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Tag Archives: mapping
Google Earth and Google Maps are ideal to help learn about issues in geography. On this map are a few points that we will use for discussion today.
Download the kml file to open these points in Google Earth.
Talk about people who need a map. Two french tourists (Guillaume Combot and Enora Nedelec) are in the middle of a three-year hike from Cape Town, South Africa to Paris. They are now near Khartoum Sudan. Check out their web site here. (It is in French, but there is an english version, which looks like a machine translation.)
They must have access to computers as they are posting updates and photos. There are also some videos. There is a fascinating one showing how Guillaume cut pieces from a water bottle to reinforce his crumbling sneakers.
I hope they write a book or make a documentary film of this adventure. In addition to all the other adventures they are having, I am curious how they are navigating. Do they use a GPS? Are they using road maps? I know from experience that good road maps are hard to come by and are expensive in many African countries. This is an adventure I definitely want to keep an eye on.
In yesterday’s lab we visited several sites to compare today’s ground cover with that of the aerial photos. Given that the photos were taken in 1977, there have been significant changes in the vegetation since then. Each of the map markers has photos of the sites today. Some details of the stops follow:
- Waynesboro Dam Using the dam and reservoir it is easy to orient the photo. The clearcut to the northeast stands out.
- Buffer Strip / Harvest Border The pole-sized stand that has grown from the clearcut is clearly visible today. The straight logging trail is still visible today. The buffer strip has continued growing. Today gaps have developed in the stand as trees have died.
- Pipeline Climbing east from Old Forge Rd on the pipeline the harvest block on the west side of the road is clearly still visible today.
- Golf Course The golf course and the adjacent Ralph Brock Seed Orchard combine to make unique landmarks. The golf course has been maintained in the same condition for many years.
- Mont Alto State Park The pavilion in the Mont Alto State Park stands out on the ground, but is harder to see from an aerial photo. Parts of it are overtopped by nearby trees. The dark green color of the roof make it harder to see on a black and white photo.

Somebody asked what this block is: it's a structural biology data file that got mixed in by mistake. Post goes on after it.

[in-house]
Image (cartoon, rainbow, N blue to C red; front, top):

For the last two sites visited more detail can be seen on the larger scale photos than on the smaller scale photos. The hilly nature of the landscape can’t be easily seen on the aerial photos. With stereoscopic viewing the landscape will pop out.
Click here to see the sites on Microsoft Bing Maps. Bing Maps has different imagery and very detailed birds’ eye views for this area.
Did you ever wonder who made and verified the road maps used in Map Quest, Google Maps, Yahoo! Maps, Bing Maps, and every other mapping service? One company, Tele Atlas, has a fleet of cars roaming the world to record the road data. They sell this data to all the other services. According to this article on CNN, the company is planning a number of new developments, including 3-D maps and more 360 degree map photos. They have a job that will never end given all the road construction and changes going on.
I found this You tube video that explains how to create a map in Google Maps. It is pretty fast, so don’t hesitate to rewind it to watch parts over.
Enclosed is a Google Map of the sites we visited for the FORT 130 landforms lab.
Following are pictures from the two sections of the Terrain Forms lab for FORT 130. We are very fortunate to have such an interesting landscape so close to the Mont Alto campus. I especially enjoyed coming up on the turkey vulture at the Clearcut site. It was hard to get a good picture of it.
I saw in the Google LatLong blog yesterday that Google has added contour lines to the terrain view. This capability was added by this link to the blog posting. Here is a map I made of Mount Washington in New Hampshire:
Mount Washington is the highest point on the east coast of the USA. I am not sure how they select the contour interval. It seems to be 40 feet. Here is another map of the Waynesboro Reservoir:
This one also seems to have a 40 foot interval, too. It will be interesting to check other regions, such as the Rockies. I do like the effect of contours and shading to show elevation. This is a great option. It turns the online maps into much more of a professional tool.